Log in

Mandela stadium at the edge of collapse

Namboole stadium may be on the way down according to a report

Mandela National stadium is on the verge of collapse and is in need of a government bailout, a report has noted.

The parliamentary report of the committee on Commissions, Statutory Authorities and State Enterprises (Cosase) shows that the stadium has suffered more than a decade of “mismanagement and wanton abuse.”

The only way to resuscitate it is by injecting in more money, the report advises. The report notes that over the years, the stadium has accumulated losses to the tune of Shs 3.6bn, of which Shs 375m was in one year – 2011/12. 

“In these circumstances, the going concern of the company may be compromised. It also means the stadium may not continue to operate without capital restructuring,” the report says. 

“Government should recapitalise Namboole, renovate it and set targets for new managers and board of directors.”

The report says some of the challenges at the stadium include frequent and unplanned change of leadership, various government departments’ refusal to pay for the use of the stadium; vandalising of assets and equipment, lack of government funding, and accumulated debt, among others.

According to the stadium’s management, the frequent change of the board and management had weakened the structures and systems, rendering the enterprise unable to do business smoothly. 

Constructed in 1997, the stadium’s shares are owned equally by the ministry of Finance and ministry of Education. It finances its Shs 1.9bn annual budget by renting out the stadium, halls, and office space. It receives no allocation from the treasury. The management is only able to collect Shs 1bn annually, which means they have been operating under a deficit.

However, most of the people who rent its facilities never pay, and the stadium does not have the capacity to collect the debts. The government bodies that hold events there never pay because they take it as a government facility.

The NRM, for instance, held the delegates' conference at the stadium in 2010 and paid part of the money. Fufa is yet to clear Shs 170m, while Pioneer Easy Bus has also not cleared Shs 180m for both parking and office space.

Yet creditors demand huge amounts of money to the tune of Shs 2.3bn from the stadium. Some Shs 270m is due to URA and Shs 1.6bn to NSSF, with some of the debts stretching from as far as 2004.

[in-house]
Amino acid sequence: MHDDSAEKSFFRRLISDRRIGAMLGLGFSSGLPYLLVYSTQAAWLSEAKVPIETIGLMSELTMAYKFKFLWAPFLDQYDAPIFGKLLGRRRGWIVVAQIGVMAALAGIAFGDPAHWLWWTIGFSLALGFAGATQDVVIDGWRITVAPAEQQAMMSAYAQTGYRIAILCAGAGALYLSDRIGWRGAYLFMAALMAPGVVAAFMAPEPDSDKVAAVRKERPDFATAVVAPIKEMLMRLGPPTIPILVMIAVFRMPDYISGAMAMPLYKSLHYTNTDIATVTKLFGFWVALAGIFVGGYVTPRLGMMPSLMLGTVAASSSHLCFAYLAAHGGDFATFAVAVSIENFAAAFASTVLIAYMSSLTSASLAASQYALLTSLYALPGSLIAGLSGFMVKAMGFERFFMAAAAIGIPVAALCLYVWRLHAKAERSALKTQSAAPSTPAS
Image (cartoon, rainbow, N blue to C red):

One of the people who served on the management team for some years says the problem stretches back from the day the stadium was handed over to Uganda by the Chinese.

He told The Observer: “It was run as a project and entrusted to people who had been doing the construction. There was never formal recruitment of staff. They would just call people to come and work either because they have been seen around the stadium often or known by management.”

This, he noted, made the situation worse as no system was put to plan to manage the income.

He added that there was also never a distinction between Fufa, ministry of [Education] and sports and the stadium itself, which exacerbated the abuse with officials at the ministry and Fufa ordering for events to be held there without pay.



While the enterprise is struggling to survive, there is high-level misuse of funds and abuse, the report notes. It says, for instance, management paid Shs 114.2m in 2012 to various undisclosed individuals as commission for bringing business. 

“There was no policy regarding payment of commission and no receipts were shown to acknowledge that the named people actually received the money,” the report says.

A religious concert in Namboole stadium

Also, Shs 60m was advanced to staff and it remains unaccounted for. The issue is being investigated by the IGG. Some Shs 63m worth of goods were purported to have been delivered for consumption at the stadium, but there was no documentation for that. Meanwhile, another Shs 173m moved from different bank accounts without documentation or authority. The IGG is investigating the case.

While all this was happening, the stadium did not have an internal audit system, with management saying they did not have the money to hire an auditor, as unscrupulous staff exploited the loophole to swindle money from the stadium. 

The board, too, does not have an audit committee, the report says.



Ssewanyana, the managing director, told the committee that encroachers have continued to occupy and erect permanent structures on parts of the stadium’s 50-hectare land. In total, it is reported that 10 hectares are now under encroachment. The encroachers include self-styled veterans of Luweero bush war, Sports view hotel, a church and cultivators.

“But even in this sorry state, the stadium has experienced some of the worst mismanagement, which is an indictment to both ministry of finance and education, but in particular the minister responsible for sports,” the report concludes.

The stadium was built using a Chinese grant totalling about Shs 30bn. To run it, government incorporated the stadium as a limited liability company in 1999. 






Comments are now closed for this entry